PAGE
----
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Fargo receives $1.5 million grant to replace 12th Avenue bridge

The 12th Avenue North Bridge closes frequently due to high waters from the Red River during spring flooding, limiting crossing options for those who commute between Fargo and Moorhead

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Curious onlookers check out the flooded 12th Avenue bridge in north Fargo on Tuesday, April 23. David Samson / The Forum
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FARGO — The U.S. Department of Transportation has awarded $1.5 million to the city of Fargo to help replace the 12th Avenue North bridge.

Announced in a press release on Tuesday, Aug. 9, by Sens. John Hoeven and Kevin Cramer, along with Rep. Kelly Armstrong, all Republicans who represent North Dakota, the funding was made available through the Rebuilding American Infrastructure with Sustainability and Equity grant program.

The 12th Avenue North Bridge closes frequently due to high waters from the Red River during spring flooding, limiting crossing options for those who commute between Fargo and Moorhead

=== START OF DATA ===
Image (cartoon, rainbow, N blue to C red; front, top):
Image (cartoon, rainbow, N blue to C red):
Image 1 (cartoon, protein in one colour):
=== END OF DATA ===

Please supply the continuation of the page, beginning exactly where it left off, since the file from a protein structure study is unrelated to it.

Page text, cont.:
The bridge is also a traffic corridor for North Dakota, western Minnesota and northeast South Dakota, according to an April 5 letter written by Hoeven, Cramer and Armstrong and sent to Secretary of Transportation Pete Buttigieg.

"The $1.5 million RAISE Award for Fargo's 12th Avenue North Bridge is a fantastic development for the entire Fargo-Moorhead metro area," Fargo Mayor Tim Mahoney said in a press release.

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"In addition to helping to ensure the bridge will be designed to work in concert with the under-construction FM Diversion Project, it will allow the bridge to stay open during 37-foot flooding events," he said.

Once finished, the bridge will allow more efficient direct access to the Fargo Veterans Affairs Medical Center and "many other mission-critical amenities," Mahoney said.

The letter to Buttigieg also highlighted the bridge as an important traffic avenue for places like Sanford Health's Broadway Medical Center, North Dakota State University, Hector International Airport and to the Fargo Industrial Park.

Our newsroom occasionally reports stories under a byline of "staff." Often, the "staff" byline is used when rewriting basic news briefs that originate from official sources, such as a city press release about a road closure, and which require little or no reporting. At times, this byline is used when a news story includes numerous authors or when the story is formed by aggregating previously reported news from various sources. If outside sources are used, it is noted within the story.
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